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GOP lawmakers pitch fed workforce reduction bill
Wednesday - 6/2/2010, 7:10am EDT
Federal News Radio
Republican lawmakers think the best way to solve the nation's budget deficit is to cut down on the number of federal workers. But is this the best way to accomplish the goal?
HR 5348 -- the "Federal Workforce Reduction Act" is part of a package of bills dubbed "Cut Spending Now" introduced by minority members of the House Budget Committee.
Wyoming Republican Cynthia Lummis, one of the principal co-sponsors of the workforce bill, said in a prepared statement on her Web site, "The package identifies $1.3 trillion in savings for American taxpayers and focuses on Americans' top priorities: private sector job creation and fiscal responsibility. This is a step in the right direction." (Federal News Radio attempted to get further comment from Lummis and other supporters of the measure, but we did not receive a response in time for our deadline.)
If approved and signed into law, the bill would essentially freeze hiring for all non-national security jobs at agencies other than the Pentagon, the Departments of Homeland Security, and Veterans Affairs. The measure would also allow the government to replace only half of the federal workers slated to retire.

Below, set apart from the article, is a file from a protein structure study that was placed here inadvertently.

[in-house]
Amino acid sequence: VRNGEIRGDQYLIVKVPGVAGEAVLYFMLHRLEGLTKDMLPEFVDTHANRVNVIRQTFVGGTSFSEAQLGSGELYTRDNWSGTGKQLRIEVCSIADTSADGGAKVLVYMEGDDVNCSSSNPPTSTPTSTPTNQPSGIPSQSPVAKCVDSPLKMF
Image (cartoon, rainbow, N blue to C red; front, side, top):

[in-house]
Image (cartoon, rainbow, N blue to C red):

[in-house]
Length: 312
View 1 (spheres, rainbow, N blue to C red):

For some perspective, we turned to John Salamone, senior consultant with Federal Management Partners in Alexandria. He was executive director of the Chief Human Capital Officers (CHCO Council), at the Office of Personnel Management during the Bush 43 administration.
"Generally, the bill is an interesting concept," he said in a telephone interview, "but I'm not sure how realistic it is at this point."
Salamone characterized the proposal to freeze federal hiring whenever the government runs a deficit "a difficult prospect, especially given our current budget environment." He also says the bill would prevent the government from hiring at a time when President Obama is asking "good, energetic and smart people to continue joining federal service."
Jackie Simon, public policy director with the American Federation of Government Employees, minced no words in saying, "It essentially prohibits all hiring, even to replace people who retire anytime there's a federal deficit. " Simon believes the bill would create the pretext for the hiring of "even more contractors" even as the White House is working to reduce dependence on vendors by government agencies.
Similar sentiments were voiced by Colleen Kelley, President of the National Treasury Employees Union. In a written statement, Kelley says HR 5348 would "undermine the ability of government employees to serve the American people, and would end up wasting precious government funds."
Salamone doesn't believe the bill has many prospects for success. "It seems to me that given the current political environment, and what the administration is trying to do, and that the bill was introduced by a representative that doesn't sit on the (House Oversight and) Government Reform Committee, I think its a long shot for passage."
The bill has been referred to that House panel for consideration.
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